Landlords Joel and Aaron Israel were arrested Thursday on criminal charges for allegedly intentionally destroying apartments they own in Greenpoint and Bushwick and lying to the court about it, the Times and many other outlets reported yesterday. The brothers have been in the news for about two years after reportedly destroying kitchens, baths, gas lines and hot water heaters of longtime tenants at several buildings in Brooklyn to force them out and increase rents to market rate for newcomers.
The cases have been winding through housing court. Criminal charges in such cases are unusual — but then so are the alleged actions of the accused. (more…)
Newtown Creek Alliance Historian and Brownstoner Queens columnist Mitch Waxman will lead a boat tour of Newtown Creek, pictured above, next month for the Working Harbor Committee. The two-hour tour of one of the nation’s most polluted waterways will leave from Pier 11 in Manhattan at 11 am on May 31.
A collection of guest speakers will also help narrate the tour. A separate two-hour tour of Gowanus Bay will leave from Pier 11 at 1:10 pm the same day.
Karl Fischer has released a rendering for a six-story, 72-unit building at 26 West Street, close to the waterfront in Greenpoint. The boxy structure, designed for developer Rabsky Group, is a cut above his typical work, a common sight in north Brooklyn and elsewhere in the borough.
The gray and red brick and arched openings at ground level echo nearby warehouses, old factories and homes. Most intriguing are the arched openings and incised lines on the first floor. There is no mention of retail planned for this building, but it will be equipped with flood barriers, 36 parking spaces for cars, and bike storage. We commend the architect for not designing blank walls at street level, and would like to see more designers adopt a similar approach. (more…)
The Department of Environmental Conservation is hosting a meeting tonight on cleanup efforts at the polluted Harte & Company factory at the corner of Dupont, Clay and Franklin Streets, Greenpointers reported. (Yes, this is the same building we wrote about this morning, whose developer wants to preserve part of the 1930s Arte Moderne exterior).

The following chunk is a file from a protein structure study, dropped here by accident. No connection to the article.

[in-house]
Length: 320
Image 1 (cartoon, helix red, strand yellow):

The state Superfund site has a plume beneath it made of phthalates — liquid plastic chemicals — up to five feet deep in some areas. And apparently the plume is moving, contrary to what the developer told the Brooklyn Eagle. This is a map of the plume made in 2013, via Greenpointers. (more…)
The distinctive curved facade on the polluted Harte & Company factory in Greenpoint could survive, an owner’s rep told the Brooklyn Eagle. But the 1930s Arte Moderne factory at 280 Franklin Street is still going to become apartments, likely a multi-building complex.
Yi Han of Experta Group said she’s working with the architects to save some piece of the unique corner, because “very few places in New York have that. It’s like a witness to the transformation of the neighborhood.” (more…)
We caught this rendering on the fence at 170-174 West Street in Greenpoint, where a developer is building two six-story apartment buildings. No. 174 will have five apartments distributed across 8,640 square feet of residential space. Next door at 170, there will be 10 apartments on 14,130 square feet, according to permits.
Salamon Engineering is the applicant of record for both buildings, and the owner is an LLC who picked up the three vacant lots for a combined $3,700,000 in 2013, as previously reported. Behind the fence, excavation is under way, and you can see a photo after the jump.
This renovated brick townhouse at 149 Kingsland Avenue in Greenpoint doesn’t have a lot of details but it does have a few. Nonetheless, it’s fairly charming anyway. We like the subway tile in the kitchen and the trim and staircase in the entry and hall. Also, it recently had a small price cut, from $1,650,000 to $1,548,000. Think that will get the job done?
The Department of Transportation recently revived plans to install bike lanes on the J.J. Byrne Memorial Bridge, which links Greenpoint Avenue in Greenpoint and Sunnyside, Queens. Streetsblog reported on the proposal, which would cut two Brooklyn-bound lanes of traffic down to one in order to paint buffered bike lanes on either side. Currently, cyclists either have to weave through pedestrians on the sidewalk or bike alongside cars while crossing the bridge.
The DOT first tried to install bike lanes on the Greenpoint Avenue Bridge in 2010, but Community Board 1 shot down the proposal because it eliminated too many parking spaces. Queens Community Board 2 heard the presentation last week, and Brooklyn CB 1′s transportation committee will consider the proposal on March 17.